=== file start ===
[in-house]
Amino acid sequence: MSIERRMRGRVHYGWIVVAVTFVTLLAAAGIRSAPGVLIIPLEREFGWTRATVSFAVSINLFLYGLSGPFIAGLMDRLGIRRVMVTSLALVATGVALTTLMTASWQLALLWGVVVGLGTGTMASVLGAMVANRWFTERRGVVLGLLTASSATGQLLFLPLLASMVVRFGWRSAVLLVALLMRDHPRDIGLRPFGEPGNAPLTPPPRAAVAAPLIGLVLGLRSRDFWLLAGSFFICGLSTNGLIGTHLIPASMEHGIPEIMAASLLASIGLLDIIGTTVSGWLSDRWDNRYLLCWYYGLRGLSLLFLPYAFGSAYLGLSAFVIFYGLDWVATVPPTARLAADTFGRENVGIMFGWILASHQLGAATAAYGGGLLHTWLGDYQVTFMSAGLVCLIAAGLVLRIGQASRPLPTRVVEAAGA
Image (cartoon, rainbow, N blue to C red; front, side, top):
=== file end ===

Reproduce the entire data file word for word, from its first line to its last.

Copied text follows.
[in-house]
Amino acid sequence: MSIERRMRGRVHYGWIVVAVTFVTLLAAAGIRSAPGVLIIPLEREFGWTRATVSFAVSINLFLYGLSGPFIAGLMDRLGIRRVMVTSLALVATGVALTTLMTASWQLALLWGVVVGLGTGTMASVLGAMVANRWFTERRGVVLGLLTASSATGQLLFLPLLASMVVRFGWRSAVLLVALLMRDHPRDIGLRPFGEPGNAPLTPPPRAAVAAPLIGLVLGLRSRDFWLLAGSFFICGLSTNGLIGTHLIPASMEHGIPEIMAASLLASIGLLDIIGTTVSGWLSDRWDNRYLLCWYYGLRGLSLLFLPYAFGSAYLGLSAFVIFYGLDWVATVPPTARLAADTFGRENVGIMFGWILASHQLGAATAAYGGGLLHTWLGDYQVTFMSAGLVCLIAAGLVLRIGQASRPLPTRVVEAAGA
Image (cartoon, rainbow, N blue to C red; front, side, top):